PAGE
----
Australia

The 'second life' of Gill Hicks, Australian survivor of London bombings

Gill Hicks in Adelaide, January 2015 Image copyright EPA
Image caption Gill Hicks says she still feels frustration over her injuries but is determined not to be bitter

Gill Hicks lost both legs and was close to death after she was caught in an explosion in the London underground in 2005. But her own determination and a strong empathy for the plight of others has helped her create a "second life".

Being a double amputee and victim of a terrorist attack is not without its unique brand of ghoulish humour.

This is perhaps why Ms Hicks is considering bungee jumping, walking across hot coals, abseiling, and swimming with sharks as ways to mark the decade since the 2005 London bombings.

Ms Hicks, who has been named South Australian of the Year and is a contender for the Australian of the Year award for 2015 to be announced on Sunday, resettled in her home town of Adelaide three years ago after more than 20 years in the UK.

She has decided to set herself 10 extreme physical challenges this year that will force her to face her fears.

The first, in March, will be diving with sharks. In July, she plans to abseil down one of London's taller iconic buildings. For security reasons, she will not yet say which one. She also hopes to climb the Sydney Harbour Bridge.

"What's the worst that can happen?" Ms Hicks asks. "I'm frustrated all the time, especially being the mother of a young toddler. I want to go and paddle at the water's edge like I used to, and walk on the hot sand."

Image copyright Getty Images
Image caption The 7 July 2005 attacks brought much of central London to a standstill

Ms Hicks has taken the inevitable anger and frustration she feels at having both legs severed below the knee at the age of 37 and learned to channel it in a way she hopes will make the world a better place.

"I've managed to create a constructive anger," she says. "I'm so fortunate to have this second chance. I don't want to spend a second of that time in bitterness."

'A different connection'

Now 46, Ms Hicks was riding on a train in London's underground rail network on her way to work at 08:50 on 7 July 2005, when one of a group of four suicide bombers plunged her carriage into chaos and darkness.

She was among more than 700 people injured that morning in London. A series of coordinated suicide attacks in the city's centre targeting people on public transport during the morning rush hour killed 52 people, as well as the bombers.

"That day I changed trains and made a different connection that I maybe took three times a year," Ms Hicks recalls.

Image copyright Getty Images
Image caption A memorial in London's Hyde Park commemorates those killed in the 7 July bombings

It is a memory that does not fade.

"There's not a moment throughout any day where I can turn off from being a double amputee," she says, and she still feels discomfort and pain every day at the point where her legs now end.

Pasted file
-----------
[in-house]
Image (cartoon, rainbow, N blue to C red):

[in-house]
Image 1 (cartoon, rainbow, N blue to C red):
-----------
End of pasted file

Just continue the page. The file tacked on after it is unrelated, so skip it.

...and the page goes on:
"I've had to readjust my thinking to not expect recovery because my legs aren't going to grow back," she says. "I just have to learn how to adapt otherwise I'll be stuck in a bitter mess."

Sadness and empathy

Early this year, in the wake of a siege at a Sydney cafe in which two people were killed, Ms Hicks helped establish #BeTheBridge to bring together people of different faiths to advocate for a peaceful response to violent extremism.

The initiative - more a concept than a group - made its first public statement earlier this month, when people stood hand-to-hand on the steps of the Sydney Opera House in the shape of a bridge.

Image copyright EPA
Image caption Gill Hicks has been named South Australian of the year

Ms Hicks has also campaigned for global peace as a motivational speaker, and she founded the charity Making a Difference (Mad) for Peace in 2007, a not-for-profit organisation based in London which has concentrated on ending violent extremism.

"We can't ever control random acts of violence but you can control how you react and respond," says Ms Hicks.

She felt a great sadness, and then empathy, when she watched the Sydney siege, the Charlie Hebdo killings in Paris, and the deaths of many hundreds of people in Nigeria at the hands of Boko Haram unfold.

Violent extremism, she says, is a parasitic cancer that seeks out a host. "And what we're looking at right now is that [that] host is Islam."

Since her "second life" began nearly 10 years ago, Hicks has been married, divorced, fallen in love, moved countries, written a book, obtained an honorary doctorate, and given birth to a baby girl.

As part of her nomination for Australian of the Year, she has submitted the briefcase she was carrying when the bomb exploded to Australia's National Museum. It includes a print-out of her diary for the upcoming week, splattered with ink, a diary that belongs to a different Gill Hicks.

"The presumption [was] that I'm going to be doing all this stuff the following week," she says. "At 08:50, everything as I knew it ended."

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